Yesterday's game won't top any future listicles of best All-Ireland finals but in its dramatic crescendo it offered a fitting conclusion to the 2018 All-Ireland championship.

Galway were bizarrely under the weather for most of the game but, inspired by Joe Canning in probably his best All-Ireland final performance to date, they rallied to give us the by now obligatory heart-stopping finish.   

After Canning fired that perfect 21 metre free into the left corner of the Canal End net to reduce the margin to two points, one Limerick woman behind me cupped her face in her hands (just below the eyes) and kept them there for much of the rest of injury time. 

All the cocky exuberance of earlier in the game gone, she looked like she was ready to puke.

There's no doubt that had Limerick contrived to throw it away, it would have been a terribly cruel way to lose an All-Ireland final. For a county with such a vivid memory of similar heartbreak, it might have been close to unbearable. Coming on top of 1994, it would have been just too much. 

Even the most rational-minded of Limerick fans would have probably gone away from Croke Park believing in curses.

In the end, it made the release of the final whistle all the sweeter. 

It was an appropriate conclusion to what was by common consensus, and even allowing for recency bias, the most thrilling hurling championship of them all. 

How much of this is down to the format?

Is it possible we'd have gotten this every year had we not stuck with the knockout system for so long?

How many great games have we missed out on because we persisted with an antiquated 'less is more' format for years and years?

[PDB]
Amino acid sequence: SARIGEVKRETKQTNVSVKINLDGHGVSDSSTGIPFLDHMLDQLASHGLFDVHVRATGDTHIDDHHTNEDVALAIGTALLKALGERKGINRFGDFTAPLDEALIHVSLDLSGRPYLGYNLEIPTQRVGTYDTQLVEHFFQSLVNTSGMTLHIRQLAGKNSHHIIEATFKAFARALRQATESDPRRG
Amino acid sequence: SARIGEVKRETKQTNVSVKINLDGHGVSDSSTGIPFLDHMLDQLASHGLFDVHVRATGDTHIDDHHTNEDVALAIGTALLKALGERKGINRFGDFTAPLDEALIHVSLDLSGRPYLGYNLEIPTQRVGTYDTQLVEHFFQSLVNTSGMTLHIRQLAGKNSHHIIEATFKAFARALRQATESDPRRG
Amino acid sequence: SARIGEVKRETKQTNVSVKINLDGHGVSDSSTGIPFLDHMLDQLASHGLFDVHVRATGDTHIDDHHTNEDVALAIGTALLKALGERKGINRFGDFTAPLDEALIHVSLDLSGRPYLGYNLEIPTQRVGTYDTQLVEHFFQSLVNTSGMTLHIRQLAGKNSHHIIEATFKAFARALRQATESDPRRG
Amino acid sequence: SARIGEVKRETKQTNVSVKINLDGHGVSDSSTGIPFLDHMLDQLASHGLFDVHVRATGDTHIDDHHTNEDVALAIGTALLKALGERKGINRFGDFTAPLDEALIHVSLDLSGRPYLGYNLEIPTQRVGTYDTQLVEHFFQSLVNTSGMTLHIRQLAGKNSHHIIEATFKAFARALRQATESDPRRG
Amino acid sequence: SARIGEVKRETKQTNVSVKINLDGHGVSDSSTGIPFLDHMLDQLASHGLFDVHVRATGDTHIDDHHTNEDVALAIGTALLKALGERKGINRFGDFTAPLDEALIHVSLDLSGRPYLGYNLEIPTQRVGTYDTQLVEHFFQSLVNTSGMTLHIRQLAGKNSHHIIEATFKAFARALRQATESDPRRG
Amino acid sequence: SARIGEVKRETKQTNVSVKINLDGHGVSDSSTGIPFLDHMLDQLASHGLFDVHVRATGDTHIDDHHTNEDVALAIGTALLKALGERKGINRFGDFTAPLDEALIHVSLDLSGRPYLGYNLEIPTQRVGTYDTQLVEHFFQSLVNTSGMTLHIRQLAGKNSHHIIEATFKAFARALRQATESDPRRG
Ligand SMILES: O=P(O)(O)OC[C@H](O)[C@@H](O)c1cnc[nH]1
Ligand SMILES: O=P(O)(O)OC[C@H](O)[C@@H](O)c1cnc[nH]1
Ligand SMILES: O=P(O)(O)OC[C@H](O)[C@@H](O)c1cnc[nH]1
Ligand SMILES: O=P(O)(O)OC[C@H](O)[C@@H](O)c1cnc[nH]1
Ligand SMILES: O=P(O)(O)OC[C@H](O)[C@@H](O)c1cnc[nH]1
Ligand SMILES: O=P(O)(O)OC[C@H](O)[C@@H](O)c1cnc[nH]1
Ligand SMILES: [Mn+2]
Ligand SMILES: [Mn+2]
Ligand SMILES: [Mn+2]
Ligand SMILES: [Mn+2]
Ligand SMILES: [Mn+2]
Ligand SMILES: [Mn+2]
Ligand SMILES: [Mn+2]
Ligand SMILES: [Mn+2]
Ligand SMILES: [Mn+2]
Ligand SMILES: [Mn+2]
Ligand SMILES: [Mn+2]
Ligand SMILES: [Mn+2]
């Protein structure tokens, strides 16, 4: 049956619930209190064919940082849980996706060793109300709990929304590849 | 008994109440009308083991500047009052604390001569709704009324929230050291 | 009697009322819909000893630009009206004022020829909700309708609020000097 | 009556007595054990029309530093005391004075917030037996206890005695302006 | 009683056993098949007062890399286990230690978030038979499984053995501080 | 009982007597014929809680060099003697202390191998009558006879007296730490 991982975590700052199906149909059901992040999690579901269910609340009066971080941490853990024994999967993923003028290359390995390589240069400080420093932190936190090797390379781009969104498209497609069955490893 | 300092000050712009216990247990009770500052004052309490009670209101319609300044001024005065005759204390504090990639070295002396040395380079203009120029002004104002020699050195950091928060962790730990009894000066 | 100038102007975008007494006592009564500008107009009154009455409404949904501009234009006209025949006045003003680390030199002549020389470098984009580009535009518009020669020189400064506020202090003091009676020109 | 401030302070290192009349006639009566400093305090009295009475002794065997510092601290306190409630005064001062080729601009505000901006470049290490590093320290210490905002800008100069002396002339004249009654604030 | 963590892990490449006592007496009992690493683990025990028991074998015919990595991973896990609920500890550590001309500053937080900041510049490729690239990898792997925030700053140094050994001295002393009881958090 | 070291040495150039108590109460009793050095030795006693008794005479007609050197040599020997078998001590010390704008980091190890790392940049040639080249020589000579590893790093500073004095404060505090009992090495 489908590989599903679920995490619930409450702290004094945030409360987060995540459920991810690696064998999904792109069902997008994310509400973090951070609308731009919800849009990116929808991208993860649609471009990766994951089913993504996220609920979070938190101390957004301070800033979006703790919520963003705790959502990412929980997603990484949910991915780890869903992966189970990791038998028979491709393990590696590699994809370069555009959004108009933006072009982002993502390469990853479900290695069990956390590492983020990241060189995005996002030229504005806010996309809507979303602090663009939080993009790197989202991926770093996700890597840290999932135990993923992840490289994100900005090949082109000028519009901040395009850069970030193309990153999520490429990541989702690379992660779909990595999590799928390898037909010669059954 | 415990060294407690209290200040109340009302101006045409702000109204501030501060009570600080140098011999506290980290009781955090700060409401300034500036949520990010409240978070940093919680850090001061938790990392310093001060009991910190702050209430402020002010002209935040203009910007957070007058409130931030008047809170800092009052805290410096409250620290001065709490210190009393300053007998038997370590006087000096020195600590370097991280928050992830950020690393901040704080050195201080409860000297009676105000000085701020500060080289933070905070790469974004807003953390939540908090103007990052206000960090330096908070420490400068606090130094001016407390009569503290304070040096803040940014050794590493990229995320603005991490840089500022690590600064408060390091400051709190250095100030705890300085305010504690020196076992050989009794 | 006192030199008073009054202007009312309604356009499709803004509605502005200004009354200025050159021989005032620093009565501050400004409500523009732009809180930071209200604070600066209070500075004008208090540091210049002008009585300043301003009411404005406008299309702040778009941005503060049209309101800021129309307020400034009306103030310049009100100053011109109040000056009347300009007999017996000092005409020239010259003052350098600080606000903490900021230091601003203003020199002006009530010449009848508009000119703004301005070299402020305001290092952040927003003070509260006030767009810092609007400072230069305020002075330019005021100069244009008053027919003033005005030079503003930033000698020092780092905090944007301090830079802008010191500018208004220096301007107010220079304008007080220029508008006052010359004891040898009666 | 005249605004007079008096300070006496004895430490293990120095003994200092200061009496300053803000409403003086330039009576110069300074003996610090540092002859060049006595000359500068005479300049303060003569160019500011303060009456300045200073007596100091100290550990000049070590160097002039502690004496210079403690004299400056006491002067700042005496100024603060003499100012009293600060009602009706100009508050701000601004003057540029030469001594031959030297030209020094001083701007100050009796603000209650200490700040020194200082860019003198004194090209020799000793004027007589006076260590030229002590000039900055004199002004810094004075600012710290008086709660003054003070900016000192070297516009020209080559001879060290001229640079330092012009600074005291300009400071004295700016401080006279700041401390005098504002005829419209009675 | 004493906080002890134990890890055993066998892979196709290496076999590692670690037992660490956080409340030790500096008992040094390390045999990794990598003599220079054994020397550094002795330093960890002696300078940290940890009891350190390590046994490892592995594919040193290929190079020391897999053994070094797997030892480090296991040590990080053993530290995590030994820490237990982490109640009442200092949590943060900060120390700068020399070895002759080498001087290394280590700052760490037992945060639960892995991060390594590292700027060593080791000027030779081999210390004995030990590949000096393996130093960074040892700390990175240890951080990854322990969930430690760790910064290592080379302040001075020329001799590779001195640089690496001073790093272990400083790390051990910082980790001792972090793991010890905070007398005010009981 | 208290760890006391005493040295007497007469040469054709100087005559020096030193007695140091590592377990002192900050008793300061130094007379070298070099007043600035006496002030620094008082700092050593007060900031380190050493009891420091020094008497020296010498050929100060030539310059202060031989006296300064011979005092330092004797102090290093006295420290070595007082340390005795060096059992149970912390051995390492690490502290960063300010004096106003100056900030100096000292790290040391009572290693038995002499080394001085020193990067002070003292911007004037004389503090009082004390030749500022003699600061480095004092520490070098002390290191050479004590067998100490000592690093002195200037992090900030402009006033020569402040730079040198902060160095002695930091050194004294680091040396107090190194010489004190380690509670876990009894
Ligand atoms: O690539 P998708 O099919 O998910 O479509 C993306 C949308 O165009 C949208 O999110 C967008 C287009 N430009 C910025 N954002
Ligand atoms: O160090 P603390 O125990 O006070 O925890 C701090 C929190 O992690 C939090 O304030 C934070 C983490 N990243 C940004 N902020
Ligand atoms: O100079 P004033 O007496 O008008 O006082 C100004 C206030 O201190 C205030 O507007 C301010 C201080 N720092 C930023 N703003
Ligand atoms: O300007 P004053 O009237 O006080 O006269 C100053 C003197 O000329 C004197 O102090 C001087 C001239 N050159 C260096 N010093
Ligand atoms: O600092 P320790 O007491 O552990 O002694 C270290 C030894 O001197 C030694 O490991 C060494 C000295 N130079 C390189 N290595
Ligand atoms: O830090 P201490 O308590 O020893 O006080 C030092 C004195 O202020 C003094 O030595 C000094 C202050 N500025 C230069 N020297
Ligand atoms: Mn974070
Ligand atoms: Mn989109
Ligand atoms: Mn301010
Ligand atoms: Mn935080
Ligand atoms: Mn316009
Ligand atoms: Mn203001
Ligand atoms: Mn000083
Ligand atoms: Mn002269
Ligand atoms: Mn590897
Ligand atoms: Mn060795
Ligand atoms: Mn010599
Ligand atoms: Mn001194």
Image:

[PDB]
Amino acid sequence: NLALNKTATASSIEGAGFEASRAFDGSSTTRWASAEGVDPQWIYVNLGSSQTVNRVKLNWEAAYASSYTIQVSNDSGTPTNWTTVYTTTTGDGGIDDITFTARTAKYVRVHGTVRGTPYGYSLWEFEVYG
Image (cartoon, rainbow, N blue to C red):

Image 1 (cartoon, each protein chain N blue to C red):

Cork and Limerick's meeting in Pairc Ui Chaoimh in early June was one of the highlights of the round robin phase

For God sake, for most of the 20th century, Galway began their championship campaign in the All-Ireland semi-final (contrary to popular belief, this was not much an 'advantage' at all).

Maybe this will just be the norm from now on. In the closing segment of RTÉ's 'The Game' documentary, Derek McGrath flatly informed us that the game of hurling was going to get better and we needed to realise that. 

Players' conditioning and technique would evolve to such a level that dazzling games would be par for the course. 

Hurling people may have to re-calibrate their expectations of what constitutes a great championship lest they walk around in a daze of delirium every year. 

Football people who come from hurling-free zones are already getting a bit chippy about it all. Indulging in hurling snobbery may be cliche but in 2018 complaining about hurling snobbery became just as much a cliche. 

Even the most rational-minded of Limerick fans would have probably gone away from Croke Park believing in curses.

Other folk seemed to become a bit jaded by the sheer volume of great matches. 

In the wake of the Cork-Limerick semi-final, when scores were zinging over at an absurd rate, some contrarians even wondered whether the game had actually become too high scoring. 

The argument - which found plenty of supporters - had some merit and was made with some flair on this website.

But there are certainly worse problems to have. 

As gripes go, 'this hurling game is too high scoring' is very much in the 'my wallet is too small for my fifties' mould. My diamond shoes are too tight, etc, etc.